Monday, May 19, 2014

Pest Alert for Week of May 19th


From: Steve Frank, Extension Entomologist

Keep Alert for a New Crape Myrtle Pest

One of the newest pests to plague urban trees is the crape myrtle bark scale, Eriococcus lagerstroemia. It is not yet in North Carolina, but it is probably coming soon. The first detection of crape myrtle bark scale in the U.S. was just outside Dallas, Texas, in 2004. Since then, it has spread throughout much of Texas. It has also spread to Arkansas, Louisiana, Oklahoma and Tennessee. Last week it was also found in Georgia.  

Crape myrtle bark scale is similar to azalea bark scale and oak eriococcid scale that is common on willow oaks in Raleigh. Female scales produce fluffy white filaments that cover their bodies. In spring, they produce eggs beneath their body then die. Tiny crawlers hatch from the eggs and spread around the plant. Scale crawlers can also be spread by the wind. The crawlers settle in their new spot and begin producing white filaments as they grow. They have at least 2 overlapping generations in Arkansas and probably more in warmer areas.

At low density, crape myrtle bark scale feeds in rough areas around branch collars, but as the population increases, all the bark may be covered. These scales are most often noticed because trees become covered in black sooty mold. At first, many people assume this is from crape myrtle aphids so the scales may go undetected. If you notice unusually heavy honeydew and sooty mold on crape myrtles, take a closer look at the bark.

Since this is such a new pest in the U.S., we do not have a good idea how to manage it. Drench applications of neonicotinoids have provided some control in Texas. However, since crape myrtles flower continually and attract a slew of pollinators, this may not be the best option. Insect growth regulators such as pyriproxyfen and buprofezin are effective for many other scales and may be a good option. Horticultural oil, especially the heavier dormant rate, can reduce scale abundance also.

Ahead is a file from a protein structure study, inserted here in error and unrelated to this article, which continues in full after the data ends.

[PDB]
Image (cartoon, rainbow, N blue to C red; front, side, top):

White crape myrtle bark scales on a crape myrtle trunk blackened with sooty mold. Photo: S. D. Frank.

Lecanium Scale Crawlers!

Oak and European fruit lecanium scale are one of the largest soft scales in our area. Scale ovisacs are brown and rounded reaching 6 mm in diameter. This is the most noticeable stage and is present right now. As members of the soft scale family Coccidae, lecanium scales produce honeydew that can cause sooty mold on oaks or plants below. Oak lecanium scale primarily infests oaks trees. However, European fruit lecanium can infest many tree species including oaks. They are impossible to tell apart without a microscope and even then it is hard. Large populations can reduce growth and vitality especially in newly planted trees.

Eggs are present now under adult scale covers and crawlers are beginning to hatch. The crawler stage should be targeted for best efficacy. On trees small enough to treat foliage, horticultural oil can be used. On larger trees, a systemic such as dinotefuran can be applied as a drench or trunk injection. This scale is not easily eradicated and optimal control measures are still unclear. It is attacked by many parasitoids and predators that can reduce scale abundance if protected from insecticides. A short video ( by graduate student Emily Meineke describes the scale biology. She is conducting research ( to understand why lecanium scale outbreaks on urban trees.

Lecanium scale ovisac on willow oak. Photo: S. D. Frank.